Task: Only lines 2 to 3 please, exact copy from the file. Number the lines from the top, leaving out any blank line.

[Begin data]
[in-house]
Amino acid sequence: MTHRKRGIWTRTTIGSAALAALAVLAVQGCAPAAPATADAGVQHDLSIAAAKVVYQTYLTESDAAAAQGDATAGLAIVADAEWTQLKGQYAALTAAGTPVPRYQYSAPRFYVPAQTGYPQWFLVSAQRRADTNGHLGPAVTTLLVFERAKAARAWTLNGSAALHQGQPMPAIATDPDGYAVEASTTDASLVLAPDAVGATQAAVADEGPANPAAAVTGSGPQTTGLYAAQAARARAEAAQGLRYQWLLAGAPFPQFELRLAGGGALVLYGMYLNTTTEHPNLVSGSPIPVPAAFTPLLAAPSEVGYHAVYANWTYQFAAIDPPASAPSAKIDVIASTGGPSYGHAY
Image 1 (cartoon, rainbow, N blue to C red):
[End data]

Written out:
Amino acid sequence: MTHRKRGIWTRTTIGSAALAALAVLAVQGCAPAAPATADAGVQHDLSIAAAKVVYQTYLTESDAAAAQGDATAGLAIVADAEWTQLKGQYAALTAAGTPVPRYQYSAPRFYVPAQTGYPQWFLVSAQRRADTNGHLGPAVTTLLVFERAKAARAWTLNGSAALHQGQPMPAIATDPDGYAVEASTTDASLVLAPDAVGATQAAVADEGPANPAAAVTGSGPQTTGLYAAQAARARAEAAQGLRYQWLLAGAPFPQFELRLAGGGALVLYGMYLNTTTEHPNLVSGSPIPVPAAFTPLLAAPSEVGYHAVYANWTYQFAAIDPPASAPSAKIDVIASTGGPSYGHAY
Image 1 (cartoon, rainbow, N blue to C red):